Next step in ebook evolution

Discuss the latest news and rumors in the magic world.

Postby Guest » 02/19/07 12:19 AM

If you're tracking the development of the ebook, or if you'd just like to see the future before it actually arrives, take a look at Polymer Vision\'s new Readius. This is the coolest thing I've seen in quite some time. It's like an iPod for books.
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Postby Guest » 02/19/07 02:19 AM

That is the next step in the evolution of the e-ink screen. A flexible screen dramatically changes the use model, because one only carries a small device but can unfold/unroll to a large screen.

But so far I have not heard any concrete product releases using a flexible screen. There are also still some problems around the polymer/organic TFTs, but in 3-5 years I expect to see the first real products for sale.

This also starts to change the observation that 'one cannot cosy up with an ebook'. For example Richard Kaufman wrote in another thread:
There is no "comfort" in online reading--it's a cold and clinical experience. The "warmth" of reading a printed book is something that will be lost to younger generations as they start using e-book readers in schools to eliminate the cost of printed textbooks.
I can see myself develop quite a warm and cosy feeling and experience reading an ebook on such a flexible-screen device.

Best,
Chris....
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Postby Richard Kaufman » 02/19/07 09:10 AM

I had no doubt that you would tell us that you find electronics warm and cozy.
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Postby Guest » 02/19/07 09:22 AM

Anyone who has ever worked in a TV shop and accidently leaned into a 30,000 volt High Voltage transformer know how warm a feeling you can get from electronics.
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Postby Guest » 02/19/07 10:24 AM

While the Polymer site showed endless computer generated pictures of the device rotating around, there was nothing answering the magic question: How much?

Also, no info that I saw about whether the input will be open or proprietary.

Designers can come up with a lot of "neat stuff" but whether it is cost effective and actually usable are often other matters entirely.
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Postby Guest » 02/19/07 01:47 PM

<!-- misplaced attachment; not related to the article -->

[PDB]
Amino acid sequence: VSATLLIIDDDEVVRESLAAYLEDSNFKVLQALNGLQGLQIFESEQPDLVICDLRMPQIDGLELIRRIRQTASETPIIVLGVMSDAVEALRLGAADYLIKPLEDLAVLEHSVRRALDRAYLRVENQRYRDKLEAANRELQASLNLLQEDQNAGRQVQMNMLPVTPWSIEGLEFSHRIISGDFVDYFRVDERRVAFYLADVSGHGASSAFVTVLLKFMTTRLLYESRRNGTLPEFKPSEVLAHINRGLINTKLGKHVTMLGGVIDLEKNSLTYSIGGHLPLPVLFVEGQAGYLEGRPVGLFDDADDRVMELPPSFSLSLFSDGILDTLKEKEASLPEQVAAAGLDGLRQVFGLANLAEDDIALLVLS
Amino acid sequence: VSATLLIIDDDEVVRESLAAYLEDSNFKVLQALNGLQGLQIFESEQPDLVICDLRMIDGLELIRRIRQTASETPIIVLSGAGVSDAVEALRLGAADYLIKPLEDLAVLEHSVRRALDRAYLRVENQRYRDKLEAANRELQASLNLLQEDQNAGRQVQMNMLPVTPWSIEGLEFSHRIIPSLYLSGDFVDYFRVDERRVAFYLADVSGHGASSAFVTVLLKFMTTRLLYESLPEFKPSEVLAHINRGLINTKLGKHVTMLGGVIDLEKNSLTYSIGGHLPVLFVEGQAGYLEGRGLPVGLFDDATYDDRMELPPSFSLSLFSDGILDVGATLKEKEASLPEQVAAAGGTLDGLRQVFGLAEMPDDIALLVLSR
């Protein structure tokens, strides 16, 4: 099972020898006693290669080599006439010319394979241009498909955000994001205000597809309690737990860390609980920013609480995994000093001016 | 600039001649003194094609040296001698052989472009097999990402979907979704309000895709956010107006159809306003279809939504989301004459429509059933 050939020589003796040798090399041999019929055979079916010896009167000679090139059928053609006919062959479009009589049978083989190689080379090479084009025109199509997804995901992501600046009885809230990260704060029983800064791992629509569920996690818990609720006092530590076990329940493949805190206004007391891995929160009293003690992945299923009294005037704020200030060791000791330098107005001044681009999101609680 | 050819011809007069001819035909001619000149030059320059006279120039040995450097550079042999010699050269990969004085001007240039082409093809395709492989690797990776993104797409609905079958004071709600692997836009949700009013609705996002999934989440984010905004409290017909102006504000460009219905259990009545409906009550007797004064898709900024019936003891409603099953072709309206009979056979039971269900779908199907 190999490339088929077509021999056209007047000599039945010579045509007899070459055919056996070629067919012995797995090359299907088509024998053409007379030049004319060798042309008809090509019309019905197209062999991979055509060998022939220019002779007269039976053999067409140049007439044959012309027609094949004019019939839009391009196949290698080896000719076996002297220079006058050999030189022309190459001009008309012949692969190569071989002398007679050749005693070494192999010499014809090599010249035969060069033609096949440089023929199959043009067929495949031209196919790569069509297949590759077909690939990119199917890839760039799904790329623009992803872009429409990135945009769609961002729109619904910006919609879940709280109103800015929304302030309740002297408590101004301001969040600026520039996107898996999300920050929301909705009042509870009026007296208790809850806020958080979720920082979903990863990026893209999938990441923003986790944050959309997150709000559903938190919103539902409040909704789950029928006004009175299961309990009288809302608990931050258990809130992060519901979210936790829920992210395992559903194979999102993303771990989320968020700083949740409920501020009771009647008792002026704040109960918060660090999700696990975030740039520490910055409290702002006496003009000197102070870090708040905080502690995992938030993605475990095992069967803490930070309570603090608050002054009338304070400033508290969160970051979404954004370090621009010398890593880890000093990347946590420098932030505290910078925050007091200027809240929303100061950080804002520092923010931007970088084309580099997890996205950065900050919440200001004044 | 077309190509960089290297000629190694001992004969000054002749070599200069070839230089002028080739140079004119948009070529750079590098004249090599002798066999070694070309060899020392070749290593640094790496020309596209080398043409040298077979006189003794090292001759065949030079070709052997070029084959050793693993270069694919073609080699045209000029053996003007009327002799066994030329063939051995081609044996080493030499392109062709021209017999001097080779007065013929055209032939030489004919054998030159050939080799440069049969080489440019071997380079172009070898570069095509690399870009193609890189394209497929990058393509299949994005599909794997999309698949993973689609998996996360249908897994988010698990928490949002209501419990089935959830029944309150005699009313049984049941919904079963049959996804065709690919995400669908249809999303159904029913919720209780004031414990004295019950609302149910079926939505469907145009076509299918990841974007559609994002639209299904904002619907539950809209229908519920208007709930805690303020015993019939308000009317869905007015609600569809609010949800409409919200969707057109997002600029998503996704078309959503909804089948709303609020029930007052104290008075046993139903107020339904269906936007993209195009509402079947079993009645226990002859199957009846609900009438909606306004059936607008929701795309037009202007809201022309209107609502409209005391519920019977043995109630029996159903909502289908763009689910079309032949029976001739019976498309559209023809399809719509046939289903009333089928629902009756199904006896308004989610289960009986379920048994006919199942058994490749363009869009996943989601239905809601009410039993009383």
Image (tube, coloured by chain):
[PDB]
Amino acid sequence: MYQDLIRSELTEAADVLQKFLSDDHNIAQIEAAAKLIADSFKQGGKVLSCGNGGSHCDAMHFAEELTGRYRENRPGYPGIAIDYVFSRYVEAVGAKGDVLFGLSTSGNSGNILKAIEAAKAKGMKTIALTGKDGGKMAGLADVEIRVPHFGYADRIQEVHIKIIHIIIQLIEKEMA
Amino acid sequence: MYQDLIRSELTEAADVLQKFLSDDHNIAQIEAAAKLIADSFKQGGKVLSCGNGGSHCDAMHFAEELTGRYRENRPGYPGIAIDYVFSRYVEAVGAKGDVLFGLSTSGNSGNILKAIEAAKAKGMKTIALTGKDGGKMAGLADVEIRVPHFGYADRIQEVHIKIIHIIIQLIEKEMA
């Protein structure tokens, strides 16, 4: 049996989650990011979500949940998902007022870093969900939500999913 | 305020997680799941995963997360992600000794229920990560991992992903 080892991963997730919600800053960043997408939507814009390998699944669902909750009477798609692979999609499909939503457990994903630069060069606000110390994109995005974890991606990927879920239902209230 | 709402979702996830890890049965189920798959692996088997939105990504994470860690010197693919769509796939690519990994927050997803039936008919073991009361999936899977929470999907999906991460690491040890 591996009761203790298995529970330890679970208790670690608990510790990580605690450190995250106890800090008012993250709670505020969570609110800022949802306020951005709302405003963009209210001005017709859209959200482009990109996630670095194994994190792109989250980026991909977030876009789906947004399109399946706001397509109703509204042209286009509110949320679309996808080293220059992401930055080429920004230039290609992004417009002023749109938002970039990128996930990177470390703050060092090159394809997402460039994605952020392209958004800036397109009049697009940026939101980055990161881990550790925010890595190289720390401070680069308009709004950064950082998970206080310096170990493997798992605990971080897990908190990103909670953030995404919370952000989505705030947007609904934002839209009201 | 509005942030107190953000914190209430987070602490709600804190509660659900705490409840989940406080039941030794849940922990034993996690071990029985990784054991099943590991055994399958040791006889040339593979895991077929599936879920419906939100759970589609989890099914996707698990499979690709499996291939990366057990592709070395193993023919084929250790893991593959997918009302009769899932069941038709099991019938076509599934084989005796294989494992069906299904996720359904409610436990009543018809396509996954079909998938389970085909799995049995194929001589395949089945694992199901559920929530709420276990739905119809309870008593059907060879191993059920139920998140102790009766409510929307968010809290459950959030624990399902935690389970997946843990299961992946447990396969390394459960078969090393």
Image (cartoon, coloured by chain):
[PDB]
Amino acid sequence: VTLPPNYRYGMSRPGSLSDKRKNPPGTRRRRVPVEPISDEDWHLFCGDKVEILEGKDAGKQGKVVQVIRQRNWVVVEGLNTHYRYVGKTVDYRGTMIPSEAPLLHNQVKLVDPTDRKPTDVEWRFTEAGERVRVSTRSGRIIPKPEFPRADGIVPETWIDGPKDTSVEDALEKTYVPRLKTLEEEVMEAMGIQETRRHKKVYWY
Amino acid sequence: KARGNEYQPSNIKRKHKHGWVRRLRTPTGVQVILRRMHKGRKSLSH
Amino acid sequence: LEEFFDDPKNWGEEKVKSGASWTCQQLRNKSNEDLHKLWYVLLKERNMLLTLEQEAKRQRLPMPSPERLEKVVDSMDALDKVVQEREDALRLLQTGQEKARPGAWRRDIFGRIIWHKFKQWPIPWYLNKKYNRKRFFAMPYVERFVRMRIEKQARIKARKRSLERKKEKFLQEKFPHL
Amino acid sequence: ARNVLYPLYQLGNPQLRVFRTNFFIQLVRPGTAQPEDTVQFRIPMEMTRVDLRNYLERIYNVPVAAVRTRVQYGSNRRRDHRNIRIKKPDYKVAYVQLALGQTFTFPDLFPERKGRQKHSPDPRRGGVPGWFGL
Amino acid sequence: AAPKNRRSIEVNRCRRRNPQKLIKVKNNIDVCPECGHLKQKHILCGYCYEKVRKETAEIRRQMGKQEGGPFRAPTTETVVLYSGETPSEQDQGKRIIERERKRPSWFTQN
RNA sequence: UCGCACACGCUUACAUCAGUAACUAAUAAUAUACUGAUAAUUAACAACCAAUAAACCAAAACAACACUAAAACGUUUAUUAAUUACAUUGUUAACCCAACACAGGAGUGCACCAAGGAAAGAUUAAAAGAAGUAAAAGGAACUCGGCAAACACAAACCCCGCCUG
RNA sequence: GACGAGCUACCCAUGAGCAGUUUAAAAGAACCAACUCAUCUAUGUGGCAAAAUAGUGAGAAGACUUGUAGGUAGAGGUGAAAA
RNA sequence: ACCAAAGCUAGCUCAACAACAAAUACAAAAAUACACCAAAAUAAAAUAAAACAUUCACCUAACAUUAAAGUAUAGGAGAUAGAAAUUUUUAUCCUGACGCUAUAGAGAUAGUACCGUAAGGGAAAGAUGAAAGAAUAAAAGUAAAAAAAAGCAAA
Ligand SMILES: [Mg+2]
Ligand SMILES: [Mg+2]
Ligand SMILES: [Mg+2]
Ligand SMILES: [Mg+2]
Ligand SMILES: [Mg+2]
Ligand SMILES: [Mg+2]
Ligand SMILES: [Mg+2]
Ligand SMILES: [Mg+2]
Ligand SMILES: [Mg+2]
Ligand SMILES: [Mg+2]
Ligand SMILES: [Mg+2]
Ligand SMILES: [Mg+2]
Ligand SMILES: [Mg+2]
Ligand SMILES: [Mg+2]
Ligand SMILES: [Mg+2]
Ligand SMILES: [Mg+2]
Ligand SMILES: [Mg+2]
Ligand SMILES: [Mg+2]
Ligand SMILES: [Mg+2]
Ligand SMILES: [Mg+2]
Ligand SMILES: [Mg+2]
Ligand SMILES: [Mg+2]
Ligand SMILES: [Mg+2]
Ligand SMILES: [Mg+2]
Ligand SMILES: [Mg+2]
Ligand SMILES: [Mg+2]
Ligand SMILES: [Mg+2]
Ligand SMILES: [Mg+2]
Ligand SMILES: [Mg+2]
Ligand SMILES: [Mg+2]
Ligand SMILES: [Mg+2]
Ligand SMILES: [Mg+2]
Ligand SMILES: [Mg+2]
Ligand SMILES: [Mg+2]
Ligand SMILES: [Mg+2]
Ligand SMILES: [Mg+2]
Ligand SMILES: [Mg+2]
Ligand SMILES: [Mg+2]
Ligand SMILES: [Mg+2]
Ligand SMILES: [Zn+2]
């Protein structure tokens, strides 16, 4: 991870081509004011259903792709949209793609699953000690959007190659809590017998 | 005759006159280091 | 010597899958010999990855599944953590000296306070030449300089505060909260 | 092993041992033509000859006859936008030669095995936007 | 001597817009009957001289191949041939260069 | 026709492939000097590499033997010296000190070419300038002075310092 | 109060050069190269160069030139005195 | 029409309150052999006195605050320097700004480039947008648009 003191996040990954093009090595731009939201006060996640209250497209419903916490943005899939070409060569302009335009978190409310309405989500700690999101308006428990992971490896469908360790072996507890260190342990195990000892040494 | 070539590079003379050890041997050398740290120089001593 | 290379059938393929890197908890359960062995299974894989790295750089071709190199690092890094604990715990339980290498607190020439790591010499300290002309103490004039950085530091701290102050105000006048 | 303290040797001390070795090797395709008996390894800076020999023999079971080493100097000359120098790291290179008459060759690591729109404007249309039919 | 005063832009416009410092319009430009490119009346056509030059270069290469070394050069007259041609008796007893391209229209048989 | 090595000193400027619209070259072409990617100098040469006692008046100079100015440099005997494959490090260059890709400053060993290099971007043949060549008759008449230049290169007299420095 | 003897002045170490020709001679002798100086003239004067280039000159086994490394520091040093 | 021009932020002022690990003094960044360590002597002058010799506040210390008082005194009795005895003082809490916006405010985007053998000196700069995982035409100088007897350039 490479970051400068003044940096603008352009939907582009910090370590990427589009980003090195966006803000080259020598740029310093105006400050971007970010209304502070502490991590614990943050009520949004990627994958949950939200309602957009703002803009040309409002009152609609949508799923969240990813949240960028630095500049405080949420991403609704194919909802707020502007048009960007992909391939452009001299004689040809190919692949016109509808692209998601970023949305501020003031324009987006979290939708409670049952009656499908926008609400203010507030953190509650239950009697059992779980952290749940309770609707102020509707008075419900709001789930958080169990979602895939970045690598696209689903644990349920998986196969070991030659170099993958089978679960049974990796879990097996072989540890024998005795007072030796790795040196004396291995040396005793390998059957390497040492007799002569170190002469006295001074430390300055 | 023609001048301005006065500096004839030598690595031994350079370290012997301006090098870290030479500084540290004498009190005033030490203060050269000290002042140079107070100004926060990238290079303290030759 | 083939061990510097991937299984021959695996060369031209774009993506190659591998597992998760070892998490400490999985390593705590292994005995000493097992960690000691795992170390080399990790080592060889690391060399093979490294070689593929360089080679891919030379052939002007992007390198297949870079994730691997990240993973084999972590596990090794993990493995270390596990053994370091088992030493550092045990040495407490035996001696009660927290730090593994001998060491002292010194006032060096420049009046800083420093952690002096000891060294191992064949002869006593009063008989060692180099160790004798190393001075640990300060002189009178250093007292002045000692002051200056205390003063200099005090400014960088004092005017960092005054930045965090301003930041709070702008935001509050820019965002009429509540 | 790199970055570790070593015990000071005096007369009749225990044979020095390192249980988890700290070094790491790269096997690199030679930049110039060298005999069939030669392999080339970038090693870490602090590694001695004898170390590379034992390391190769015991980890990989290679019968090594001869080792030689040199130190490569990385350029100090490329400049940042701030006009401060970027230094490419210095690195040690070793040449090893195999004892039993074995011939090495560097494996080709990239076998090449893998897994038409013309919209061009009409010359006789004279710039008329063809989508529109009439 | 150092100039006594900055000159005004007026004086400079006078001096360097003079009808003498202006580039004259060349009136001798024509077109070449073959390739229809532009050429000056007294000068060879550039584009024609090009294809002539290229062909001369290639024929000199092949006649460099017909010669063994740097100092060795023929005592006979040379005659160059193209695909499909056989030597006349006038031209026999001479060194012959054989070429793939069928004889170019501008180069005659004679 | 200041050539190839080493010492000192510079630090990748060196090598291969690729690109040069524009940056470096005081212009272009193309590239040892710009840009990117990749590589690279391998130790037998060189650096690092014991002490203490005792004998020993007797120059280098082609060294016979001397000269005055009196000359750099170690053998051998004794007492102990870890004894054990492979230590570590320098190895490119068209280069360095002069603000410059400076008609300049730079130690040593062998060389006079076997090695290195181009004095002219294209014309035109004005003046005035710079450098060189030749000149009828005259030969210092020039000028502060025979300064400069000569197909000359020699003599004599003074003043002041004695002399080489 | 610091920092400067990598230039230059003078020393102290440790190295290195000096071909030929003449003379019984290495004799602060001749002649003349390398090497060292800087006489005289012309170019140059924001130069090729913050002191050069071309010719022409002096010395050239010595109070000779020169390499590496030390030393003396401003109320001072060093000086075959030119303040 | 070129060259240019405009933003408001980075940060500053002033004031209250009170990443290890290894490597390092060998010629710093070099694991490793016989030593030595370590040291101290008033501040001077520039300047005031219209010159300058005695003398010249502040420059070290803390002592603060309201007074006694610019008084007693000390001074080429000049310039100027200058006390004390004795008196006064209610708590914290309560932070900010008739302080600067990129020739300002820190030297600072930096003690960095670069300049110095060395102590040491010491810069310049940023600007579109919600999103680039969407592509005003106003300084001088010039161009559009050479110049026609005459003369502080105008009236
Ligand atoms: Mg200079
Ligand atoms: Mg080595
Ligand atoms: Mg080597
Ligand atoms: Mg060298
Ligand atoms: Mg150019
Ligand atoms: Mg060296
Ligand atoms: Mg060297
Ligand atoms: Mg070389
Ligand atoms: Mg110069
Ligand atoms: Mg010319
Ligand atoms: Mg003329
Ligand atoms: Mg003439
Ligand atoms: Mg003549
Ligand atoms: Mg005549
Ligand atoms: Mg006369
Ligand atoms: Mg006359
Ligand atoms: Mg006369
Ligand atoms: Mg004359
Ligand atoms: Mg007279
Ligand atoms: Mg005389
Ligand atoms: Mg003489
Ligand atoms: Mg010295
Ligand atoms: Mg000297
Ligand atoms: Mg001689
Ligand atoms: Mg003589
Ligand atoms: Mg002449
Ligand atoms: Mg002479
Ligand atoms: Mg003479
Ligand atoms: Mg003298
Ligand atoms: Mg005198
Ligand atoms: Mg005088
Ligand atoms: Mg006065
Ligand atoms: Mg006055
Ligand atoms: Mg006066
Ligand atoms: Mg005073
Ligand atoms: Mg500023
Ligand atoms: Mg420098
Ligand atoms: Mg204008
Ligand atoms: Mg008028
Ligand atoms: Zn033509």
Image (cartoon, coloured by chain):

Once the iPhone is available it'll be difficult for a one-use device to compete...

Although the screen real estate is smaller on the iPhone, the high resolution screen plus video/phone/internet capabiltiies should trump other offerings like this...
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Postby Guest » 02/19/07 01:59 PM

The Treo already works really well as an ebook reader, and it's what I use. It's a lot easier to put in your pocket than most magic books.

Remember, everyone who's reading this forum has an "ebook reader", whether it's desktop, laptop, or tablet.
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Postby Guest » 02/19/07 02:10 PM

David, as far as I understand this website, it is a screen manufacturer who shows design concepts of how its screen can be used. I don't think there is any device currently slated for release.

The usability issue is pretty straight forward. Would a flexible screen be better than a rigid screen? Everything else being equal, yes, of course. There is no reason a phone couldn't have a flexible screen, too. Whatever one wants to call the device is unimportant. The major development is that there will be screens that will come awfully close to the experience of reading from paper.

Let me tease Richard a bit more with the 'warm and fuzzy' feeling. Imagine the following scenario:

You sit with the book "Greater Magic" in your preferred cozy reading sofa/chair. Everything is perfect, the light the sounds, you brued some hot tea and start reading the tome. After a few minutes your hands start to ache because it is a hefty book and too heavy to be held comfortably for extended periods. On top of that you read a paragraph where you would like to consult your "Encyclopedic Dictionary of Magic" which is on a shelf that you can't reach from your sofa. So you put down "Greater Magic" get up and walk to the shelf. Jesus, where did you put the dictionary? Just yesterday you thought you put it right there next to the "Card College" volumes. Oh my - you start searching. "Honey, were you in the library yesterday? Did you CLEAN UP!?" Finally, you are lucky - you found it among notes about your latest research project into who was Erdnase. You walk back to your sofa. For Christ sake "Greater Magic" closed and you lost the page you just read. It takes you another five minutes to find the page. Ok, what was this appartus called? You look it up in the Dictionary. Then a flash in your mind - somewhere I remember reading about this - but where in the 1000 books in my library would it be? You give up.